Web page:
A Quick Reminder About Campfire Safety

Tips for making and extinguishing a fire responsibly.

Brooke Baum Brooke Baum  |  08.03.2018

Most of our fondest camping memories are of sitting around a fire, roasting marshmallows and telling stories. But as fun as it is, fire can also be dangerous. It is important to take it seriously and make responsible decisions for the safety of your family and those around you.

If you have been watching the news lately, it is clear that fire season is upon us. There have been some horrible fires this year already – especially in the western parts of the U.S. Unfortunately, human error is the cause of multiple fires each year. Even if the fire spread by accident, these people will still be held responsible for not taking the necessary precautions – and that often includes legal prosecution.

So, if you are camping this summer and plan to start a fire, make sure to be responsible and follow these basic guidelines to ensure a fun and safe RVing trip!

1. Know the level of fire danger and rules in your area.

As an RVer, it is important to know of any special precautions to take in whichever area you plan to park your rolling home – so, do a little research before you set out on the road. This may even mean changing your route if that makes the most sense for a safe trip. Similar to checking weather, keep an eye on if you are in an area with a strong chance for fire or bans on fires altogether. If you aren’t sure, check with a park ranger or campground attendant before starting a campfire. Also, make sure there aren’t any rules on where fires are allowed, how big they can be, etc.

2. Keep a shovel and bucket of water nearby.

If you are going to start a fire, make sure you have the right supplies. It is important to keep a shovel and bucket of water nearby, not only to put the fire out with, but also to have on hand if it gets out of control.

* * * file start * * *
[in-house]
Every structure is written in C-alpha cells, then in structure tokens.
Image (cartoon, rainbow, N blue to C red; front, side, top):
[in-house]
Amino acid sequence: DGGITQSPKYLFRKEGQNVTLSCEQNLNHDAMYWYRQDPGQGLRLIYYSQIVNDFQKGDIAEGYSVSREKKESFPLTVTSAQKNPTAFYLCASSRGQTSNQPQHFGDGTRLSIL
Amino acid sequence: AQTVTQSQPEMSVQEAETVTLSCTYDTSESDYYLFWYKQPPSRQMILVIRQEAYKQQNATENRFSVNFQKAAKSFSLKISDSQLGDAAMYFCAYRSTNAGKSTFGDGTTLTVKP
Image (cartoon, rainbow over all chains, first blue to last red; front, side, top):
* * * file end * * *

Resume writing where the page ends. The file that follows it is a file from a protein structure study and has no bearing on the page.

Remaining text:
3. Pick and prepare a good spot for your fire.

If there are no restrictions on fires and you are allowed to start one, make sure you assess the location first. Many campgrounds have designated fire pit areas, but even in these it is important to check for overhanging trees and other nearby brush. If one is not provided, make a campfire ring with rocks in a level area far enough away from tents and RVs and dig a pit in the center. Before lighting the fire, make sure you clear away any pine needles, leaves or other brush from around the fire ring (10 feet in diameter is usually recommended). For tips on lighting a fire, check out these from Smokey Bear.

Photo by Peter Holcombe.

4. Never leave fires unattended or let it get out of control.

Once you have your fire, make sure to stay nearby. Don’t start a fire if you are planning to leave your campsite soon after. You should stay until it has completely burned out or put it out yourself. Make sure to watch children and pets carefully around fires, as well. It is also important to keep fires at a manageable size and not let them get out of control.

5. Extinguish the fire completely when finished.

The Colorado Division of Fire Prevention & Safety, recommends the “drown, stir and feel” method. This involves drowning the fire with water first, then stirring around the fire with a shovel to ensure everything is wet before fully smothering it with additional dirt and mixing that thoroughly. Lastly, they suggest feeling the area with the back of your hand to ensure nothing is still smoldering. If it is too hot to touch, it isn’t safe to leave unattended.

For more tips on fire safety, the Smokey Bear website is a great resource: https://smokeybear.com/en


While this is a serious topic, it shouldn’t take away from any of your camping fun if you just take some time to prioritize safety when you create and put out your fire.

Here’s to s’more fun this summer and safe camping!


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3 Comments

  1. Keith Messinger Posted on 08.27.2018

    In California you need a campfire permit. It is free and online.

  2. Joe Posted on 08.11.2018

    As a Forest Service retiree I can’t help myself but to comment on the Editors title for the article. Just as it’s not Easter the Bunny or Santa the Claus, his name is Smokey Bear. A good timely article otherwise.

    1. Brooke Baum Posted on 08.11.2018

      Thanks for the correction, Joe. Glad you liked the article, despite this mistake. I’ve edited the article and appreciate you pointing this out. -Brooke, GoLife Editor